Recently I've been trying intuitive eating (click for link); basically eating when your body tells you it wants to eat, and stopping when you're full (none of this appetite suppressant crap, mama's got a big ol' appetite) - there are some really positive books surrounding it; you're not depriving yourself, and you're listening to your body and what it needs. It also encourages you to 'make peace with your food'; allowing yourself to enjoy what you're eating, and getting rid of the guilt that can sometimes be associated with food.
If you're not trying to lose weight, please don't feel pressured from all of this 'New Year, New Me' propaganda and flat tummy praise on social media; it seems that brands are constantly trying to trigger insecurities by trying to grab our interest in waist trainers, teatoxes and various other 'quick-fixes'; but it's important to not play into the false advertising.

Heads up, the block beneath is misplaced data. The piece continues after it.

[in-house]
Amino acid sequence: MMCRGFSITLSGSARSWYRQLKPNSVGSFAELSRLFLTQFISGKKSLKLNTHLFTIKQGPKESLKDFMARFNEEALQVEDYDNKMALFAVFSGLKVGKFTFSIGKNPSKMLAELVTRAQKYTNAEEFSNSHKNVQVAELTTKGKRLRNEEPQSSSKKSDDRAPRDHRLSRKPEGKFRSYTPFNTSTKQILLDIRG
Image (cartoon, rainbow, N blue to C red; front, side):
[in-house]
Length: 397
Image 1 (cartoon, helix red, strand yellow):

Thank you for reading!
When I was younger, I went to an all-girls school and I was one of the tallest there (I'm 5'11) - I remember once being in Year 7 and getting moved to the Sixth Form section of the whole school photo; because I was just too tall to be with the other girls my age. I've always been the tallest of my friendship group, as well as the biggest - I think because of this, I always assumed that it meant I needed an even bigger boyfriend so I could feel like I was in a stereotypical rom-com relationship.